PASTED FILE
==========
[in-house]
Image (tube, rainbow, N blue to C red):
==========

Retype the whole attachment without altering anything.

[in-house]
Image (tube, rainbow, N blue to C red):